BETHLEHEM PA - During a summer of protests and civil unrest, Bethlehem area students are bringing issues and experiences within the prison system to the stage.
"We want to create a theater piece that focuses on the pipeline to prison that exists in marginalized communities," explains Lehigh fellow for the Beyond Bars Project, Aidan Galbraith.
"Rather than reforming the system, we want to make it so that the circumstances are so prisons aren’t necessary in the first place," says fellow, Dom Ocampo, "And that these forms of punishment aren’t used in the first place."
As part of Lehigh University’s Mountaintop Summer Experience, students with the ‘Beyond Bars’ project are continuing research started in 2018; connecting mass incarceration with art and culture.
Usually presented during the university’s Summer Project Expo, this time, with all on-campus summer programs cancelled through the end of July, students from all 25 Mountain Summer Experience Project teams are adapting to CDC guidelines and conducting work virtually and remotely. But the team from ‘Beyond Bars’ says, they’re using the new normal to their advantage.
"We’ve talked about recording the full--like on zoom you can record the full live performance," explains Beyond Bars Project associate, Eliza Howard, "So we’re trying to make it as accessible to as many people as possible through a variety of media."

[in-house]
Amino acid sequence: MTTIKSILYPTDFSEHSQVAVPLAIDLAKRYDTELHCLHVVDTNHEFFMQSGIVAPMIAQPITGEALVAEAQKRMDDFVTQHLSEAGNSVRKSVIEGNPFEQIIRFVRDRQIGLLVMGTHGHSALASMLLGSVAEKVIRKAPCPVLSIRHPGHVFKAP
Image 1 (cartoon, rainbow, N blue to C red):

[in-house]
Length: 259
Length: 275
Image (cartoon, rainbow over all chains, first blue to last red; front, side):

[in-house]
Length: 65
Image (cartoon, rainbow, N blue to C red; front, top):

"One of the aspirations we have, given COVID and the fact that we’ve been forced into this virtual theater realm is that it can reach more people and we have access to that wider audience," Galbraith says.
The students plan to create a jukebox of virtual performances that are based on stories, interviews and research from within the Northampton County Prison system.
"We decided to go with a neo-futurist approach and for those of you who don’t know, the neo-futurist style is a practice that would most likely be compared to a jukebox," explains Lehigh University associate, Leah Canel, "So, if you imagine to a jukebox, seeing the list of music choices that are available that you can play and queue up, giving the jukebox information that you would like to hear a certain piece then hearing that piece and experiencing the piece as a result of giving your input of which [piece] you’d like to play. And so we’re going to be a jukebox theater type of project."
Galbraith explains, "We do have plans to get in contact with formerly incarcerated folks. Unfortunately, due to COVID, we can’t actually go into the prisons and be apart of those discussions with people who are currently incarcerated."
Students say they are excited to share the final project online with the public at the end of August and hope their work will inspire audiences to get involved and make a change where they can. For these students, inspiration has already started blossoming...
"The process of building this project is so exciting," Canel says, "because even if it doesn't work and doesn't change the mind of anyone and everyone who listens and feels its a waste of time, the four of us (Dom, Eliza, Aidan and I) are people who are now educated about the carceral system and the issues that are within it."